4. Stop punishing your child for rude behavior (includes taking away privileges or time out). Punishment is disrespectful and rude to a child. It is power held and teaches a child that controlling another is how to get what you want.
  5. Set realistic expectations. Do you expect your child to do what you want when you want it—cheerfully? Allow grumbles and “I know” and “Hold on a minute”. If she is doing what you ask, allow the steam to escape while it’s being done. If he’s in the middle of something, ask him when you can expect it done. Taking the trash out, shutting off the computer or going to bed is not your child’s agenda, it’s yours.
  6. Respond to testing behaviors as experimenting. “What if I don’t?”, “I don’t have to” and “I hate you” or “You hate me”, are experiments. Will you love me no matter what? is the question of the child who doesn’t feel unconditionally accepted.
  7. Once all your words and behavior are respectful and considerate (anger can still be respectful), then you have a fair and logical argument to a child’s rude comment. Stick with, “I don’t like to be spoken to that way. Can you try again, please?” until you both find agreement.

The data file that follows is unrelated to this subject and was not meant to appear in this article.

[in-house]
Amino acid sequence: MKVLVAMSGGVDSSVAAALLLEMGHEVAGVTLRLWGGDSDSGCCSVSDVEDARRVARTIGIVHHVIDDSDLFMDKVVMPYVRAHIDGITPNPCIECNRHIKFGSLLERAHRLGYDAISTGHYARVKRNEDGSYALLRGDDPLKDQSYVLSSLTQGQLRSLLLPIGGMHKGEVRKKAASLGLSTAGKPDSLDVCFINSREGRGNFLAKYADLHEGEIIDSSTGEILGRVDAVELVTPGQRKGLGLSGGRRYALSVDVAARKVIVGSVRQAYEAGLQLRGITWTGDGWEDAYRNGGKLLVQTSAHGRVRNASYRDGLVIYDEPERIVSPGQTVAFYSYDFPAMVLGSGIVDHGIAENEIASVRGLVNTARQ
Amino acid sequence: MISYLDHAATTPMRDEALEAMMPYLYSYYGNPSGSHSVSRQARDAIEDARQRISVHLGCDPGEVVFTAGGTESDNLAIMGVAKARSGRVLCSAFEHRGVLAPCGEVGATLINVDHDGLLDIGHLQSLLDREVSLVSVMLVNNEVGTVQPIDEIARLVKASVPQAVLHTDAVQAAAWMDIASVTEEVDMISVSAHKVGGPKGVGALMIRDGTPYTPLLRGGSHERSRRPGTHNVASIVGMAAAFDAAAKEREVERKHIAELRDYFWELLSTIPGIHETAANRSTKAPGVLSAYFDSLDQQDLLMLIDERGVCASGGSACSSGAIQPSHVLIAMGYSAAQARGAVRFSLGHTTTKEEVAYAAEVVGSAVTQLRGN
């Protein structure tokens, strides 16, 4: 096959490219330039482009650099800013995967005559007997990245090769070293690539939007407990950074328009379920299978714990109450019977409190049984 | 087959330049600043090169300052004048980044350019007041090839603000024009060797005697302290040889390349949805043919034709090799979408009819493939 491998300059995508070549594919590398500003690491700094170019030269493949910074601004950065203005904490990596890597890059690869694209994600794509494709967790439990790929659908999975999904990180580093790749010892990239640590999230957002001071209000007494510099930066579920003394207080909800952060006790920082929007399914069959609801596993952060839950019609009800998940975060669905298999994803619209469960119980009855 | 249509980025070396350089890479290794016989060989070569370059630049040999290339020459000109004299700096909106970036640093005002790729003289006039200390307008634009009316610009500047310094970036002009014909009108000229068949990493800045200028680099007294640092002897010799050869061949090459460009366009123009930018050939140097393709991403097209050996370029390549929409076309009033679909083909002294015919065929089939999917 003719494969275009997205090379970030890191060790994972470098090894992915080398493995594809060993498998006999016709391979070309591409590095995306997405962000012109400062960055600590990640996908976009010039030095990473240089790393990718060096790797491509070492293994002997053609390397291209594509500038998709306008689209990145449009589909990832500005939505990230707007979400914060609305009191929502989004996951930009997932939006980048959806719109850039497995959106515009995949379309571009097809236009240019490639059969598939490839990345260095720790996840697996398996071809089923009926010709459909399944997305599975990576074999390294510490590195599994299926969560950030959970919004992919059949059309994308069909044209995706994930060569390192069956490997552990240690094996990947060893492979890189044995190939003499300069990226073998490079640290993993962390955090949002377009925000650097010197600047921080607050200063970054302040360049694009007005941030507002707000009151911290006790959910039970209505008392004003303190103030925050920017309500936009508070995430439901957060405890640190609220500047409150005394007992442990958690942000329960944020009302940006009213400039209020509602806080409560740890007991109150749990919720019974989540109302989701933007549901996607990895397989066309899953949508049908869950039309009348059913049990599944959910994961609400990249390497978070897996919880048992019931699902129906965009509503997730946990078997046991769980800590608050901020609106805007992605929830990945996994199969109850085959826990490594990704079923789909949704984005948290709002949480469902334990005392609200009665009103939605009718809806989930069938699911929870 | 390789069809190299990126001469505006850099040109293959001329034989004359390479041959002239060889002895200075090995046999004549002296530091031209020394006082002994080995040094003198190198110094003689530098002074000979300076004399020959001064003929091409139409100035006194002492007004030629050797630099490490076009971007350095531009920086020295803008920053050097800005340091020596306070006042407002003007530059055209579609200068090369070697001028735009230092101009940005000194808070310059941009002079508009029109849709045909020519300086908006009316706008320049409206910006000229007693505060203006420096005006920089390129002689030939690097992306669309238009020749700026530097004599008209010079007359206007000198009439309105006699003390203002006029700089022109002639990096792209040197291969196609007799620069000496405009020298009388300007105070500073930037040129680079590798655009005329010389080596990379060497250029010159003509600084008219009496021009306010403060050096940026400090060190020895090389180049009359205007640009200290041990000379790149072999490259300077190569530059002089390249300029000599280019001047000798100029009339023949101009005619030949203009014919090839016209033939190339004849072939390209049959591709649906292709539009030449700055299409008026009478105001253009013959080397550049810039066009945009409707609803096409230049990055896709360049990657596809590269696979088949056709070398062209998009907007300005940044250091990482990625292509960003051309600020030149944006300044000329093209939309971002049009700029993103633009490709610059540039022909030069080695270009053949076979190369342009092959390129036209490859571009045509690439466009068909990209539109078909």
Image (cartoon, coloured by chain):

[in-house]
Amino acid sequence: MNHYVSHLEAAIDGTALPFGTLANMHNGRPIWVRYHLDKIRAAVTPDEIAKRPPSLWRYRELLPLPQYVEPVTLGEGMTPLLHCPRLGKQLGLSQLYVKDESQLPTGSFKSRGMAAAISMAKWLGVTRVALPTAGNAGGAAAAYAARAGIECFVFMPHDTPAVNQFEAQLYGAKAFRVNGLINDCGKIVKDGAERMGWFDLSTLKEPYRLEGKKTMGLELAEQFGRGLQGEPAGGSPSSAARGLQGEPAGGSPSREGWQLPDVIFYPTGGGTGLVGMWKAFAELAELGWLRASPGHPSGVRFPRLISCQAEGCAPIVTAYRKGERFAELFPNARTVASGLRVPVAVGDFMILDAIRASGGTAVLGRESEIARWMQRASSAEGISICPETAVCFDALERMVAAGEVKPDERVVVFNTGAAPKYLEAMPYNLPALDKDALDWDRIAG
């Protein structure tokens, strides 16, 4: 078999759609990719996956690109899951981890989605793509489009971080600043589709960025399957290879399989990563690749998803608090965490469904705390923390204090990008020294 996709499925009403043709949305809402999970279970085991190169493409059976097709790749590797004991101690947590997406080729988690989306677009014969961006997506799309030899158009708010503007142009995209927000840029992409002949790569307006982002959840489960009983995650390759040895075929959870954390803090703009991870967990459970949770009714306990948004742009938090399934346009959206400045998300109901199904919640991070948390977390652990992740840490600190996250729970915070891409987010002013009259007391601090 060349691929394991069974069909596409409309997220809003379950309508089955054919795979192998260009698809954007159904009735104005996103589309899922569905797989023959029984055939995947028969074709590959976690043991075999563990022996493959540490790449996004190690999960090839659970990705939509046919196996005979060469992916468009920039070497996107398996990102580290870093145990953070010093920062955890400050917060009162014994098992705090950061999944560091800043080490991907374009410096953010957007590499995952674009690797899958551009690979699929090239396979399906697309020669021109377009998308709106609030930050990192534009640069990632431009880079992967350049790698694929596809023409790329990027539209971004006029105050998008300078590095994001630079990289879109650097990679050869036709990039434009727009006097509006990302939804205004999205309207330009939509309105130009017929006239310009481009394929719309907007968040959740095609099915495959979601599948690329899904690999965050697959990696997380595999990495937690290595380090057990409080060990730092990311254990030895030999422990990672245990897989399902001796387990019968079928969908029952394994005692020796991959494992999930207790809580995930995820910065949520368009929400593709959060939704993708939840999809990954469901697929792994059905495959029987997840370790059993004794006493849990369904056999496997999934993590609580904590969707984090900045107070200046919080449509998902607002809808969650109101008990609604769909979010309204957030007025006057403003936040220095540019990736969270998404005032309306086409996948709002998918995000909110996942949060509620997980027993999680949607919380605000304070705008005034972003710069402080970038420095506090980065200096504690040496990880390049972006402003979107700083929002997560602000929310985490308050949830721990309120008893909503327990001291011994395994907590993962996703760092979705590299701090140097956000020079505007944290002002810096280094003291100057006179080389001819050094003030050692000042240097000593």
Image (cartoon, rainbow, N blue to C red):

Respect is learned by feeling respected. If you demand respect at all times, you might get obedience but you probably won’t get respect.

 

Questions and Answers

Different Strokes for Different Folks

Q. My husband and I see the world differently. He is a type B personality(always looking for his keys) and my son and I are type A personalities(we never misplace anything). How do we raise our son with two different and most times opposing parenting styles? Do we follow Mom’s style when Dad’s at work and Dad’s way when Mom’s at work? It seems to be the only way we are able to get goals met without melt downs from sometimes all three of us. I figure that our son is learning flexibility and that different rules apply at different homes or with different people. My husband, on the other hand, thinks we’re confusing him. He and our son seem to butt heads more often than our son and I do, so my husband thinks that son and I are ganging up on him.

A. I know of no families where the mother and father have exactly the same parenting styles. What you described is different personalities, who will inevitably see things differently. You’re right that he is learning flexibility. The important thing is that you and your husband respect each other’s differences rather than criticize them and try to make one right and the other wrong. If you both love and accept your son, he will do just fine learning from different types of people. Your husband and he probably butt heads more because they are very different. Or your son feels his judgment. They must learn to accept each other and each other’s different ways of doing things. Problems arise when people try to change each other.

Why Kids Don’t Do What You Want